A Sunburst Above a Receding Road
How I Ruined Lolita for Myself
by Namwali Serpell
Lolita returns. She returns to my mouth, as she returns to Humbert’s. As an example of monstrous allure. As an example of complicit laughter. As an anecdote about chance, beauty, the slow, inevitable process of ruining books for myself. About the spot of afternoon light in the library where I knelt reading this Lolita, my Lolita, the one unassigned book I read in college. About my moral code, so suspended then that I did not see what the fuss was all about.
I didn’t know anything about Nabokov, about the novel, the two movies, the pornographic epithet. I simply picked up the book and read it.
Perhaps not so simply. It was the spring of my sophomore year. Too early for the Internet to have spawned its masses of young girls with their legs butterflied open. I stood outside the Grecian dining hall, smoking with someone. There was, we noted, a book lying at the base of a nearby column. There was, we noted, a long-stemmed red rose lying on top of it. We scoffed. My first love—let’s call him Gaston—had just left me. Badly. I was not in the mood for roses.
Then it began to rain. It was still sunny; I did not have an umbrella. Now I can see the drop of water, the McFatedness of it all. Back then all I said was, “Oh, we shouldn’t let the book get wet.”
I like to say that it was this protective habit from my childhood that compelled me to save Lolita that day. Kiss the book if you drop it. But it was probably just an excuse to take it, this paperback with the chiaroscuro cover on which a pair of girl’s knees turned mawkishly inward. I stole Lolita. I put it in my bag. The next day, I found it there and I read it.
Nothing inside revealed the purpose of the red rose I’d left in the rain. There were no marked or underlined passages, though I did discover one page with its corner folded over. As I read, I folded over the corner of a different page, my favorite, in chapter 32. Although I was to write papers about it, lecture on it, fight electrically with my father over it, I never wrote a word in this particular copy.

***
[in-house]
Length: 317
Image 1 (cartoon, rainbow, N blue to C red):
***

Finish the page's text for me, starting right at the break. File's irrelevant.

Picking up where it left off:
I found out later that Nabokov abhorred the idea of a cover depicting anything of Lolita herself; he wanted a sunburst above a receding road. But even so, this cover, with its wafting black skirt, its torso-less legs, its knocked knees, its pristine bobby socks, and its ironic Oxfords; my cover, with its facile Vanity Fair quote (“The only convincing love story of our century”), the stolid-fonted title unfurling in white across it, remains my favorite. My first resistance to Uncle Vlad.
Next to it on my bookshelf are two copies of The Annotated Lolita, desk copies from teaching. What a terrible cover! What a terrible idea! Oh, earnest Alfred Appel, with your name so like a Humbertian pun (your name means “name”! the theme of apples!), did you have to burrow so avidly, so obviously? You had to know that you were becoming a parody of Charles Kinbote, the maniacal annotator in Pale Fire. But I understand, I suppose. This is how I ruined Lolita for myself as well.
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